Jay Hanson and Dieoff.org

There are many layers of the Peak Oil onion. One man who has peeled away most of them, largely out of the public eye, is Jay Hanson. Jay is the quintessential Peak Oil autodidact. After a successful career in software design, his ongoing quest for knowledge about energy, evolution and the environment culminated in a massive internet reference hub for these topics called DIEOFF.ORG. In 1997 he predicted we would invade and occupy Iraq for their oil. (link). Jay has been intensely studying and researching topics central to energy and evolution nearly full time for 15 years, (4 of which spent solo on a yacht in the Pacific). I know many of the readers of theoildrum got their first exposure to the concept of Peak Oil through Jays writings and research and were active readers of his dieoff listserv( GreyZone, Darwinian, Angry Chimp and Totoneila, to name a few).

As such, I feel privileged that Jay will be visiting Robert Rapier, myself and some friends in August to discuss his latest ideas, research and predictions regarding society in the face of peak oil. He is particularly interested in working out a 'logic' framework on the human behavioral aspects of everyday life, and believes we can parse much of our behaviour into a simple set of 'if-then' analog algorithms, evolutionarily designed, context dependent.

The geology and alternative energy situations will play themselves out naturally in the coming years but insights into our evolutionarily constructed behavioral switches are rarely talked about in decision-making circles. In my opinion (and Jay's), progress in this area thus offers the greatest leverage in understanding and promoting successful approaches to Peak Oil adaptation and mitigation. (Jay would also say that its just fun to learn and debate because of the dopamine.)

Human behavior is a product of our genes and our environment (culture). Jay has often pointed out that culture is only relevant so long as it has the ability to punish. Many of the dieoff.org viewpoints are difficult to envision let alone accept (like a 50%+ human dieoff in the coming decades). Yet Jay Hanson has connected many dots with research and insight difficult to refute. Below is Jay's farewell summary to his dieoff listserv from 2003. It offers a unique perspective on societies possible reactions to a decline in energy availability. (If there is interest, and we haven't started WWIII, I'll follow this post one month hence with a synopsis of our mini retreat on human evolutionary constructs.)

Jay Hanson 01/12/03

I am turning the dieoff website over to the moderator of the "energyresources" mailing list -- a fellow named Tom Robertson t1r@bellatlantic.net. If you are so inclined, Tom could make use of any support you could give him to keep the dieoff web site going.

I would like to bid you all farewell and present a brief synopsis of my work over the last ten years or so. Like everything else, it's all very simple when you really understand it. Unfortunately, I doubt that more than a few hundred people worldwide (perhaps far less) would be able to really understand the issues I raise in this paper. Probably no more than one or two who actually receive this mailing will really understand it -- for reasons I will attempt to explain...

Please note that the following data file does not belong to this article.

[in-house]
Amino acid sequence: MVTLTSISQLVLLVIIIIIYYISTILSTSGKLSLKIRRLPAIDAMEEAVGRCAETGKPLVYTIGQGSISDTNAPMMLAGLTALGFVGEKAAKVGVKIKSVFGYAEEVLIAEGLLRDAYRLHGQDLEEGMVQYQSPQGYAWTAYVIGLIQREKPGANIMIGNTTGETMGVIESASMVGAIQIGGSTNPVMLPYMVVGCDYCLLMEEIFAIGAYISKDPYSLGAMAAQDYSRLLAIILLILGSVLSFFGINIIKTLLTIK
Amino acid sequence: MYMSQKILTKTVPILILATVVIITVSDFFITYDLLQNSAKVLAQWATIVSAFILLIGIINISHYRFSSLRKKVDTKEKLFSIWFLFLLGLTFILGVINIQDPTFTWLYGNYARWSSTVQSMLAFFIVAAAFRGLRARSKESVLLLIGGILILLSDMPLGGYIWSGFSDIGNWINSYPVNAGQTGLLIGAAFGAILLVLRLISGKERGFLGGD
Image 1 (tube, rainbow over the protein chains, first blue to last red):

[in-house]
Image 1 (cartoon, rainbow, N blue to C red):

I developed an interest in "sustainability" about fifteen years ago when it became clear to me that our present economic system was totally unsustainable and self-destructive. It seemed little more than a well-organized method for converting natural resources into garbage. I studied modern economic theory on the assumption that our political leaders would work to change the flaws once I was able to point them out.

I became aware that something was fundamentally wrong in our political system when I ran for public office. The more I studied politics, the more bizarre it looked. I finally realized it wasn't anything like the "democracy" it claimed to be. It turns out that America is actually a stealth plutocracy http://www.dieoff.org/page168.htm !

Working full-time for more than a decade, I studied it all: the history of our so-called "democracy", the fundamentals and history of modern economics, sociology, cybernetics, system theory, biology, ecology, microbiology, evolution theory, physics, and so on.

After several years of research, I concluded that little -- if any -- of the so-called "social sciences" (including economics) taught in our universities had anything relevant to say about the real world. Instead of discovering facts and principles, most social science is little more than a program designed to "rationalize" (invent socially-acceptable excuses for) the current plutocracy. Moreover, I was astonished to find that the global economy is based upon Catholic religious dogma that I was able to trace back to St. Thomas http://www.dieoff.com/page243.htm ! Eventually I discarded social science altogether because it had absolutely nothing worthwhile to say about sustainability.